Hi Catman, despite all Hamish says about me, just like yourself I am here trying to work out what the market is likely to do. I am "a bear of little brain" and find it difficult at times to follow threads and at other times give up as bulls and bears fight it out for page after page. But stick around because there are good threads and if its been in the news then it will be here. Hope you had a good bank holiday

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I don't believe it!

Myleene to replace Carol Vorderman?

How's her arithmetic?

I don't think it's her arithmetic they're - er - ramping. It's her figure(s).

db

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I posted thoughts on this on the blog, but to repeat one point that hasn't been mentioned here: it all depends on your headlines. The BBC website has an article on the same report, which is headed, "Home values 'down 28% from peak'" Not dramatic, by HPC standards, but not a ringing cry of Onward and Upward either. It gets better:

UK property prices will have fallen by 28% from their peak before the market downturn ends, the Centre for Economics and Business Research (CEBR) has said.

The economists' group predicted prices would reach their trough early next year, but said there was little chance of real price growth until 2013.

<snip>

The CEBR added that improved conditions in the housing market suggested that property prices only had about a further 8% left to fall.

But it warned that a "sluggish recovery" in the real economy meant prices would only rise by 6% during 2010 and 2011.

It predicted the average cost of a home would rise by only 3.1% between the final three months of 2009 and the final quarter of 2010, with a further 2.5% increase the following year.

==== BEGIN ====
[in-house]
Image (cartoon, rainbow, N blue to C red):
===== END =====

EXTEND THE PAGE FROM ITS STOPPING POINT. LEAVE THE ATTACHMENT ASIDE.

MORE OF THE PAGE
The gloomy forecast came despite an anticipated increase in mortgage approvals, and improvement in credit conditions.

<snip>

However calling the bottom of the market was "slightly premature" said the one of the CEBR report's authors, Benjamin Williamson.

"Worsening conditions in the labour market and the wider economy seem likely to counter-balance historically low interest rates and slowly improving credit conditions," he added.

And managing economist at the CEBR, Ben Read, added that house prices were "likely to remain in the doldrums for some time as what is likely to be a slow recovery in the real economy translates into weak wage growth and stubbornly high unemployment - factors that will put a fairly heavy lid on house price inflation."

Now me, I don't call that the end of HPC - and the most telling bits were quoting the actual report. And the Beeb calls is a "gloomy forecast". We might, here, call it a cheering forecast for those wanting house prices to go down. Still more, I think, for those of us who think that it would be really good if they would stabilise at a low figure for years to come.

The point is, however, that the Beeb has a totally different take on this to the Express (a rag to which I have hitherto had little exposure - which seems like a good state to return to) and sees the same report as signalling a continued and sustained fall - albeit a little less precipitately than has been the case in recent months.

Never mind having problems working out which economists are right about the housing market - we have to work out who right about what the economists said.

db

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  • 407 Brexit, House prices and Summer 2020

    1. 1. Including the effects Brexit, where do you think average UK house prices will be relative to now in June 2020?


      • down 5% +
      • down 2.5%
      • Even
      • up 2.5%
      • up 5%